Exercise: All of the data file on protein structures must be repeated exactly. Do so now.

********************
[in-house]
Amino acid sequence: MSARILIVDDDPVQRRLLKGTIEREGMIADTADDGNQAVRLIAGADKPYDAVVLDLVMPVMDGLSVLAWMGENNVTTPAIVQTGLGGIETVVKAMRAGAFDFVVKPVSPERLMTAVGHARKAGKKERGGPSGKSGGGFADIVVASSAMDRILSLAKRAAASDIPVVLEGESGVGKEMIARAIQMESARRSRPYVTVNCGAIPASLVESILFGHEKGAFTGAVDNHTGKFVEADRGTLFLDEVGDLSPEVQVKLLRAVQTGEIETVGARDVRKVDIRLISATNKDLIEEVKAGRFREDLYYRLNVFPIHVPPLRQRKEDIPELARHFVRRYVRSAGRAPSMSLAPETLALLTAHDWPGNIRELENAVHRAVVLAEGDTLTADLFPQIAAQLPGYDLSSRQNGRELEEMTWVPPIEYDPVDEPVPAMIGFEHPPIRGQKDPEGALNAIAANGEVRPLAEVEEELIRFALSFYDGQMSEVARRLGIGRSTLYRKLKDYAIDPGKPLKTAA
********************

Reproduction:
[in-house]
Amino acid sequence: MSARILIVDDDPVQRRLLKGTIEREGMIADTADDGNQAVRLIAGADKPYDAVVLDLVMPVMDGLSVLAWMGENNVTTPAIVQTGLGGIETVVKAMRAGAFDFVVKPVSPERLMTAVGHARKAGKKERGGPSGKSGGGFADIVVASSAMDRILSLAKRAAASDIPVVLEGESGVGKEMIARAIQMESARRSRPYVTVNCGAIPASLVESILFGHEKGAFTGAVDNHTGKFVEADRGTLFLDEVGDLSPEVQVKLLRAVQTGEIETVGARDVRKVDIRLISATNKDLIEEVKAGRFREDLYYRLNVFPIHVPPLRQRKEDIPELARHFVRRYVRSAGRAPSMSLAPETLALLTAHDWPGNIRELENAVHRAVVLAEGDTLTADLFPQIAAQLPGYDLSSRQNGRELEEMTWVPPIEYDPVDEPVPAMIGFEHPPIRGQKDPEGALNAIAANGEVRPLAEVEEELIRFALSFYDGQMSEVARRLGIGRSTLYRKLKDYAIDPGKPLKTAA